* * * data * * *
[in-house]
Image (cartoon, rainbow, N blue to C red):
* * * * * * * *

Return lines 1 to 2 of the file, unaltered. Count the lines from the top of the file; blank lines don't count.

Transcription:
[in-house]
Image (cartoon, rainbow, N blue to C red):